Document Type: Original Article
1Islamic Azad University, Science and Research Branch, Tehran, Iran
Allameh Tabataba'i University, Iran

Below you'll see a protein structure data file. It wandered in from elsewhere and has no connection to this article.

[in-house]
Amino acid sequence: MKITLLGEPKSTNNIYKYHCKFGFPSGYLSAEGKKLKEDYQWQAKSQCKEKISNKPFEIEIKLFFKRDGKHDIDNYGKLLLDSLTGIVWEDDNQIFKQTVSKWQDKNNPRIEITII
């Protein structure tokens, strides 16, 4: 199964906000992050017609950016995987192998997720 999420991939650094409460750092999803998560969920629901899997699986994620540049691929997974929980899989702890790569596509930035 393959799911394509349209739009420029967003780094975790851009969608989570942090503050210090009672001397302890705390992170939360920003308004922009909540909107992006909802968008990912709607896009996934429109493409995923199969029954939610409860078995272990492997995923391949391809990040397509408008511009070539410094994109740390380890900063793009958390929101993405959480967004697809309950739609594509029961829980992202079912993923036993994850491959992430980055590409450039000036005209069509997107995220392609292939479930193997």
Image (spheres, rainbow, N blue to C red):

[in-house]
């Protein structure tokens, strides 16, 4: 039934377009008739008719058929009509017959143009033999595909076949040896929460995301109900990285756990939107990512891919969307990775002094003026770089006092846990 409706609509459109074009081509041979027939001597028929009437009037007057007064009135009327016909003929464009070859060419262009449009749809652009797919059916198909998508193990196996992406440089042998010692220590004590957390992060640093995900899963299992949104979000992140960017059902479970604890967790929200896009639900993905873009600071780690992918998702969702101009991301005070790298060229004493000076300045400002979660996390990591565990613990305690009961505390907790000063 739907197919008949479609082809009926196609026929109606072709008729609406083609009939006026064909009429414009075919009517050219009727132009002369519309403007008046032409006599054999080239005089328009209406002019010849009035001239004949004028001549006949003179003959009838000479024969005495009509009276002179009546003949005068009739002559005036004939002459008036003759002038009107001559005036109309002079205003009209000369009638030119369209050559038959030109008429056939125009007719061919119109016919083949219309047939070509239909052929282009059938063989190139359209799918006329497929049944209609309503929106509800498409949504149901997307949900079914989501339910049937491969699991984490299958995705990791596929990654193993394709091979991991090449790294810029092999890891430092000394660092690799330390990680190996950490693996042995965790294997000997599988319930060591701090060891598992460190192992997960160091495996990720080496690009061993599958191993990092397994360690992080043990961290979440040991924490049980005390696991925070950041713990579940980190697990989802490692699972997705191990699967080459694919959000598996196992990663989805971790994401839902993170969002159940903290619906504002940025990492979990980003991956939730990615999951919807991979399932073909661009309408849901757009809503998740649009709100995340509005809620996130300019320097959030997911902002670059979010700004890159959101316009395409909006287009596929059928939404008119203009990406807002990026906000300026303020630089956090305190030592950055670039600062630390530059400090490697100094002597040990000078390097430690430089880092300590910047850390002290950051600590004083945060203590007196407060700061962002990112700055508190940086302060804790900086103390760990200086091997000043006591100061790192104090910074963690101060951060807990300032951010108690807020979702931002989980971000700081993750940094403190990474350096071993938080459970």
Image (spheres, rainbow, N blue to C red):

Autonomy is the ability to take charge of one’s own learning. However, this ability is not inborn and must be acquired by formal instruction (Holec, 1981). Therefore, to offer a systematic approach to the devel-opment of learner autonomy in language learning process, Benson (2001) argues that learner autonomy is described in terms of learners’ control over the three dimensions of learning management, cognitive pro-cesses, and learning content. However, developing learner autonomy through systematic instruction has received little attention in EFL context. To bridge this gap, this study aims to provide experimental sup-port for the impact of applying Benson’s (2001) three-level model of learner autonomy on fostering au-tonomy among EFL learners. To this aim, the data were collected and analyzed from a group (N=40) of English as a foreign language learners, doing their bachelor’s degree. The results indicated that autonomy subscale was greater after the completion of instructional intervention. Besides, further investigation pro-vided evidence on the fact that autonomy is not an all-or-nothing concept as the learners reached "inter-vention level" of degrees to learner autonomy. In total, this study suggests that each dimension of auton-omy in language learning should be developed separately, although many researchers often attach more importance to one level of control than others.